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I'm planning a UC for my twins. Read lots and lots about twins (regarding birthing), but there's really not lots to read! So far, I have two questions that I have not found solid answers for, and no I won't need to worry about either immediately, but it's more a curiosity thing. <img alt="" class="inlineimg" src="http://www.mothering.com/discussions/images/smilies/lol.gif" style="border:0px solid;" title="lol"><br><br>
1. Palpating twins. I know how to palpate singletons, done it on myself and others, understand what I'm feeling, etc.. One of the few physical skills I can learn living over here. But twins? I know it's way too early and doesn't matter positions at this point, but how do you do it? What do you feel for? What strikes you as just way different from singleton. Maybe I'm making this too complex for myself, but it's just gotta be different.<br><br>
2. Cutting the cords. After baby A is born, I've read many conflicting bits of information. Ranging from it's dangerous to not cut cord immediately to it's OK to wait. Supposedly type of twins is important for this, but can someone explain it better? FWIW, mine are (most likely) fraternal with their own placentas (slightly fused at 12 weeks) and own sacs.<br><br>
TIA! My DH told me that one day when I'm a midwife, I'll really appreciate the first-hand experience of twin pregnancy, birth, and breastfeeding!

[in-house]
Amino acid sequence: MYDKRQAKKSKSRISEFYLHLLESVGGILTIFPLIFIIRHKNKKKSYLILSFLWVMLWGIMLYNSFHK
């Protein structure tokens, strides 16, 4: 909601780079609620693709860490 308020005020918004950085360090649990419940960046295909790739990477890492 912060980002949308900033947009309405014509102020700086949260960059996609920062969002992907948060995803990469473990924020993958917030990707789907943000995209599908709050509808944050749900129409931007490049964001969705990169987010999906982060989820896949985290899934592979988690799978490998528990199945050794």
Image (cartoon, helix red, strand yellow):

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Palpating is the same - really, just a little more complicated. You'll see soon.<br>
If the twins share a blood supply because the vessels have crossed over, you need to cut the first cord to prevent bleeding out the second one. You might read more about monoamniotic twins and twin-to-twin transfusion syndrome to understand why that happens and why it's not usually a concern for fraternal twins or identical twins with their own sacs and separate placentas.<br>
Everything else about cord care between twins is a theorectical exercise in trying to imagine what will keep the placenta attached until after twin B. You don't want any separation because the uterus can't contract to stop bleeding when there's still a baby inside. So, some practicioners advice immediate cord clamping to keep as much blood inside the placenta as possible, so it's not "empty" and ready to come off the uterine wall. Some suggest leaving it attached as a total physiological process. All suggest making sure not to disrupt the placenta - don't yank or pull on the cord, don't leave a hemostat attached to the end that drags (use a plastic cord clamp instead). I think some of it is dictated by the circumstances...is the woman birthing in the OR, where the doctor is planning a breech extraction for twin B just 3 minutes after A is born? Is is a natural water birth where there might be 1 hour or more between births? That changes things a lot.
 
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